When is a tweet by the U.S. president to a Jewish journalist just another insulting childish nickname and when is it an anti-Semitic slur?
It is a distressing sign of the times that this is a question even worth dwelling on. But on Sunday, shortly after Trump again denigrated the host of NBC’s “Meet the Press,” Chuck Todd, with his designated nickname “Sleepy Eyes,” angry charges of hate speech began to fly across social media – even though it’s hard to find any evidence to back up that claim.
Many outraged tweeters argued that the president had chosen that particular schoolyard insult for Todd because he is Jewish.
In response came counterclaims – mainly from Trump supporters, but also from a large number of Jews who are no fans of the president – that linking the epithet to the Holocaust was, to use one of the president’s favorite terms, fake news.
If the president indeed chose his description of Todd based on racial characteristics, he made the call a long time ago. The first occurrence took place during the 2012 presidential election, back when Trump was just a reality TV star flirting with politics and magnifying his celebrity through Twitter.
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He continued to use the nickname over the next few years, hitting back whenever he felt Todd had criticized him, and then brought the term into the Oval Office.
Whether it has been “Lyin’” Ted Cruz, “Little” Marco Rubio or “Crooked” Hillary Clinton, Trump has consistently shown a penchant for choosing a nickname and sticking to it.
In April 2017, Todd offered a barbed rejoinder:
If Trump had a perfectly innocent reason for deciding that Todd’s eyes looked “sleepy,” he chose not to share it with him, the TV newsman told entertainment website The Wrap last November.
“I’ve asked him what the sleepy eyes means. He doesn’t know,” Todd told the website. “He said once, ‘I give someone a nickname I stay with it. Sometimes I give someone a nickname and I can’t remember how I came up with it, but I stick with it.’”
Todd added that Trump considers hurling schoolyard insults on Twitter, even as president, to be playful entertainment. “He loves it. It’s funny. That’s always what makes covering him so difficult. When you think he’s at his most vicious, he will say ‘No, no, we were joking. Aren’t we all part of the game?’”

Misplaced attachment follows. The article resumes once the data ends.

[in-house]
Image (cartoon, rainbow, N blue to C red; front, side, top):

The insult crossed into the real world recently when, speaking at a Pennsylvania rally, Trump called Todd not only “Sleepy Eyes” but also a “sleeping son of a bitch.”
Over the past weekend, however, a Twitterstorm erupted over Trump’s most recent “Sleepy Eyes” slam. Trump was accused of dog-whistling, with tweets pointing out instances of white supremacists and anti-Semites describing Jews as having “sleepy eyes.”
The evidence to back this up is relatively thin, though.
The only direct “sleepy eyes” reference is on the racist website “Gentile Nation.” This offers instructions on “How to recognize and identify a Jew” through physical features, and bearing the creative byline “John Doe Goy.”
Cataloging Jews feature by feature, the description of “Jewish Eyes” reads: “There are several types of Jewish eyes: The lizard-like Asiatic eyes, as seen in the photos directly below, the pop eyes and the sleepy and sometimes bulging eyes, the sad sack eyes.”
There is also a mention of “sleepy eyes” on an anti-Semitic forum called Stormfront, which claims to be for the “embattled white minority.”
But searches in both English and German fail to uncover hard proof that would back up the numerous assertions on Twitter that “sleepy eyes” was common in Nazi propaganda as one of the criteria included in Nazi instructions for the German secret police to identify Jews, and the accompanying partisan clamor.
The closest reference is a description of Jewish eyes by a Nazi-trained child contained in a story in an anti-Semitic children’s book published by Julius Streicher, the founder of Nazi newspaper Der Stürmer.
“The eyelids are mostly thicker and more fleshy than ours. The Jewish look is wary and piercing. One can tell from his eyes that he is a deceitful person,” it states.
One left-wing blog outlined three possible explanations for the “Sleepy Eyes” nickname:
“1. It’s a complete coincidence
2. Trump used it knowingly (because there are “good people on both sides”).
3. Trump unknowingly integrated it into his vocabulary from e.g., his father, his son, [Steve] Bannon, [Sebastian] Gorka or other anti-Semites he hung out with.”
As in many recent partisan Twitter wars, some of the most impassioned arguments come from highly dubious accounts – leaving one to wonder who benefits from creating bots that argue over Trump and anti-Semitism.
Whoever is responsible, it adds another layer of confusion to the already perplexing online landscape in 2018. Not only do we not know whether information is real; it is also unclear how many of those arguing are as fake as the points they are making.